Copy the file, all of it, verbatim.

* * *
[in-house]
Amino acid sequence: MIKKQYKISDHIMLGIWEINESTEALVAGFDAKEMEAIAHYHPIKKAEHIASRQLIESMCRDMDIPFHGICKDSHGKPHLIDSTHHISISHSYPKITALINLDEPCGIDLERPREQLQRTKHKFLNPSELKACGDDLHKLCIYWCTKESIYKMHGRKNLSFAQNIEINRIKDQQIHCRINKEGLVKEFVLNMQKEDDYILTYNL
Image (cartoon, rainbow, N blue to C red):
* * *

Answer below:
[in-house]
Amino acid sequence: MIKKQYKISDHIMLGIWEINESTEALVAGFDAKEMEAIAHYHPIKKAEHIASRQLIESMCRDMDIPFHGICKDSHGKPHLIDSTHHISISHSYPKITALINLDEPCGIDLERPREQLQRTKHKFLNPSELKACGDDLHKLCIYWCTKESIYKMHGRKNLSFAQNIEINRIKDQQIHCRINKEGLVKEFVLNMQKEDDYILTYNL
Image (cartoon, rainbow, N blue to C red):